By JoAn Majors
1. Get the technical training you deserve for the confidence it takes to do implant dentistry. Look at the program’s success record; speak to graduates.
2. Have your team trained in the technical aspect of implant dentistry to gain the confidence they need to deliver the goods.
3. Update your training! Make it a team trip or a reward for performance — incentives are good and planning makes it happen.
4. Have the entire team commit to read one article per month at a minimum on implant dentistry to have an understanding of the current debates and opinions. Have each member of the team share a “CliffsNote version” in a team meeting. This magazine is a great place to start … share it with the team!
5. Go to a training course on the soft side of implant dentistry, often referred to as the “people side.” If you don’t want to spend the money to take your team to a program, bring in an experienced and current team training professional and have a customized training seminar designed for your needs. Get out of the office ... rent a board room at a local hotel or your bank.Change your state of mind by changing your location for learning. It is a small investment that pays off big. The only wrong way to do this is to feel “you don’t need it” or not do it at all. (Note: make sure the trainers ask a lot of questions about you and your team; otherwise, you will get a canned presentation.)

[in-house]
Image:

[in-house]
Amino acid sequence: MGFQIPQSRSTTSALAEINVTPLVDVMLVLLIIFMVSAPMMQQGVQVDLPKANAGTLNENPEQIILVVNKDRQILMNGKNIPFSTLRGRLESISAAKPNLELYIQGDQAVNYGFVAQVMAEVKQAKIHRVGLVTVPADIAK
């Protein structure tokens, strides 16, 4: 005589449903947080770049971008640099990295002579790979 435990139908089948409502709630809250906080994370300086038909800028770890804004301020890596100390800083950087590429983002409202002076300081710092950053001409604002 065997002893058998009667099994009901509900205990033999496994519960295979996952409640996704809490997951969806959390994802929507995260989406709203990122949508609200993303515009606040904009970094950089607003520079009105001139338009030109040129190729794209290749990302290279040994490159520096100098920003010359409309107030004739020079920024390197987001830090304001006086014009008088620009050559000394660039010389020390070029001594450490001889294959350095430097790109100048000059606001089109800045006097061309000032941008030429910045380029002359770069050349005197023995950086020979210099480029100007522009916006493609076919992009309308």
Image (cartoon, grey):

6. Be a part of a professional organization that offers regular correspondence and meetings specific to implant dentistry for doctors and team members. For a list of implant organizations, email your request to [email protected].
7. Find an implant system that has strong rep support. Like good insurance, your plan is only as good as your agent, especially in the beginning! Ditto implant supplies. Bob Salvin, Greg Slayton, and the remarkable team at Salvin Dental Specialties are unmatched in delivering service and products to support the implant practice, big or small.
8. Do your research before you purchase. Ask the representative of the new product or service for the names of a few past clients that you can call. Ask the doctor or team representative, “If you could make the same purchase again, what would you change? Would you purchase the same item from the same person?”
9. Build your implant practice as a team; the dentist cannot do this alone. Ask for a commitment; schedule an evaluation of the new ideas as well as the outcome to the bottom line. Expect and inspect!
10. Have an accountability partner when implementing any new idea. The best way to succeed is to have a partner committed to the success and outcome of the idea. For example, if you are a doctor, take the course with a friend; team members should do the same. Find someone who will be honest about the implementation on their end! In the practice, have someone who will gently remind you of the new commitment and help you stay on track!
JoAn Majors is a registered dental assistant, published author, and professional speaker. In addition to her speaking, she leads team training for the Misch International Implant Institute. For a free copy of “10 Tips for Implementing Implant Dentistry” and more on her seminars and her latest book, “Encourage Mentors: Sixteen Attitude Steps for Building Your Business, Family and Future,” please visit www.joanmajors.com or call (866) 51-CHOICE. “The time is now ... the choice is yours!”
By JoAn Majors